- 2. Echoes From The Past – Episode 02
- 3. Echoes From The Past – Episode 03
- 4. Echoes From The Past – Episode 04
- 5. Echoes From The Past – Episode 05
- 6. Echoes From The Past – Episode 06
- 7. Echoes From The Past – Episode 07
- 8. Echoes From The Past – Episode 08
Mirin was almost nineteen years old, and unmarried. Since the death of her mother some years before, she had been her father’s main support, both emotionally and in the running of the tavern. She had learned how to control men so that they didn’t realise it was happening. She bent and twisted and cajoled, and generally she won them round. The trouble with this kind of skill was that it did not attract a husband. For who would marry someone who, for all their good nature and good looks, could make men feel inferior?
But even Mirin was sometimes pushed to maintain the peace in the Black Cockerel. Usually, her father was on hand to rule the roost. Today, he was in the kitchen, a hot haven of simmering mutton and rough dark bread. The other occupant of the kitchen was Etta, there to scrub pots and keep the dogs out. She was as dim as Mirin was clever, thin and pale, and greatly given to superstition.
At Mirin’s call, Hector came through from the kitchen with bowls of steaming stew to quieten the workmen.
“There you are, Joseph. Get that down you. And no complaints, mind. That’s good stew.”
Fortunately, Joseph was too hungry to argue. Hector stood over them for a moment, then turned to view his other customers. He was a square man of medium height, with square shoulders and square hands. His face was a mask of polite indifference. He didn’t care for the English, but he needed their money. It was the same all over Stirling.
It was inevitable, once Joseph had been fed and Humphrey had consumed another tankard of ale, that sparks would fly. Joseph’s friends were calmed by the meat and bread, but it seemed to have the opposite effect on the cobbler. It gave him strength and confidence.
“There’s a terrible smell in here today, Mirin,” he said, as she passed to take food to Pate Joiner. “Could it be the smell of Englishmen?”
“Well, it’s not the mutton,” Mirin said sharply. “It could be the smell of the tannery, which everyone knows stops the nose entirely.”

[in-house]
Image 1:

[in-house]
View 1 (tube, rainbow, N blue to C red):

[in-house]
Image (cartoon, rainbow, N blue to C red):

Although it was a quick retort, it was not a wise one. In spite of the differences in the way the Scots spoke, Humphrey and Thomas picked it up and laughed spontaneously. Even Joseph’s friends found themselves covering their mouths. It was an insult to the soutar’s profession, but at the same time, there was no doubt that anyone who dealt in leather ran the risk of smelling of the tannery.
Joseph’s complexion turned an ugly red. He jerked to his feet, filled his chest like an angry bull, and set off for the soldiers’ table.
“You, Englishman,” he shouted, pointing a finger at Humphrey’s chest. “You find that funny?”
“Yes, indeed,” Humphrey replied, smiling affably but with a glint in his eye. “So did everyone else. Look around you. Even the old pair beside the fire are trying not to laugh.”
By the time Joseph turned round, the old pair had their heads down over their plates. No-one could have told if Humphrey was right or not. Joseph swung back again.
“No-one laughs at me, English,” he said.
Humphrey felt compelled to respond. In spite of Thomas’s restraining hand, he got to his feet, and made the mistake of prodding the cobbler in the chest.
“I do laugh.” He grinned. “So does everyone else. You are a fool, man.”
It seemed it was a day for mistakes. Instead of backing down, Joseph responded with a punch to the Englishman’s face. A soldier with Humphrey’s experience should never have been caught out so simply. He responded with a blow to Joseph’s chin, which sent him reeling back to the table and the friends he had just left.
By normal holy day standards, it was a mild enough affair, but it took Hector and Mirin some time to restore order. They were helped, it had to be admitted, by Thomas, who, once he had floored one of Joseph’s companions with a blow to the midriff, concentrated instead on getting Humphrey to desist before he resorted to using his sword.
In that respect, Hector knew he was indebted to the Englishman. There would be no blood-letting that day in the Black Cockerel. But the threat was there. As the soldiers stood in the doorway, they were lit up from behind by a sudden shaft of sunlight, so that the motley crew of bruised and battered local men saw them for what they were – the embodiment of a foreign power, over which they had scant or no control.